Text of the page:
In 1908, Italian archaeologist Luigi Pernier was working in southern Crete at an ancient Minoan palace located in the town of Phaistos. Digging amid the ruins he found a clay circular tablet that has eponymously become known as the Phaistos Disc. Dating to the Bronze Age, circa 1800-1600 BC, the Phaistos Disc contains an enigmatic script using pictograms unlike any seen before. Despite numerous attempts to decipher the script, this ancient disc has continued to keep its secrets for more than a century.
The Phaistos Disc: New Interpretations of the Pictograms
Revealed here is a new interpretation that attempts to demystify this ancient artifact. But my interpretations come with a warning: the ideas presented are based on nothing more than guesswork and speculation. I have no evidence to either support or refute these explanatory ideas. Nevertheless, by logically piecing together harmonious ideas, we can build a compelling picture of what might lie behind the pictograms in the Phaistos Disc .
Figure 2: Phaistos Disc Side B. (C Messier/ CC BY-SA 4.0 )
Figure 3: The 45 pictogram images on the Phaistos Disc. (Author Provided)
The script is beautifully arranged into a spiral on both sides of the disc with the pictograms neatly sectioned into groups. Concurring with those that believe the script to be phonetic, let’s refer to these groups as individual words. Figure 3 summarizes the 45 different pictograms, using a naming convention that’s been adjusted to avoid cumbersome two-word names used elsewhere.
Figure 4: The Phaistos Disc split into spiral sections. (Author Provided)
How does one start to break an impenetrable code ? Like any difficult problem, by splitting it into smaller tasks. Let’s try this by arbitrarily dividing each side of the disc into an inner spiral and outer ring as shown in Figure 4. Counting, we find Side A totals 31 words, side B has 30, and the outer rings contains twelve words each.
Do these numbers not resonate with twelve months consisting of either 30 or 31 days? It’s speculation for sure, but the similarity to a calendar is just too strong to ignore. Maybe, this disc, which has been a mystery for over a century, is nothing more than a practical calendar? A calendar that was nonetheless used during the Bronze Age . This revelation warrants further investigation, but first let’s briefly review what constitutes a year.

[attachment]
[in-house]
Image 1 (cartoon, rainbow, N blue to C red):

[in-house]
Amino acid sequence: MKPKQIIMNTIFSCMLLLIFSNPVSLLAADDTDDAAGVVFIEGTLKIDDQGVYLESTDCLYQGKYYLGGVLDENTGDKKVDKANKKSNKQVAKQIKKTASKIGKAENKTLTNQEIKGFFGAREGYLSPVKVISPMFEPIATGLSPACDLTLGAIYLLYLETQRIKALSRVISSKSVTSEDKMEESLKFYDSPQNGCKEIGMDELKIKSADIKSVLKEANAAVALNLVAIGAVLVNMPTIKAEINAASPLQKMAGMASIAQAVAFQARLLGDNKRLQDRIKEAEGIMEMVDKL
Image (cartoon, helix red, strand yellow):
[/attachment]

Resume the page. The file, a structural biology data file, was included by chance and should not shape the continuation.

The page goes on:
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Based on the earth’s orbit of the sun, a year is divided into twelve months. We use that number, because twelve lunar cycles amount to one solar year. The similarity of words month and moon is no coincidence: they share a common etymology.
It takes 27 days and seven hours for the moon to orbit the earth, and technically this is termed the sidereal (pronounced sigh-dee-re-all) period. However, due to the simultaneous earth’s movement around the sun, the appearance to an observer from one full moon to the next takes a little longer at 29.53 days. This longer period is termed the synodic period and it’s this more observable interval that is of consequence to calendar construction.
And now we come to the big problem. We cannot divide the solar year of 365.25 days exactly by lunations. In fact, we are left with the rather unwieldly remainder of 10.89 days. It’s a major inconvenience if your hobby is calendar design.
Figure 5: The additional thirteenth “remainder” word on Side A of the Phaistos Disc. (Author Provided)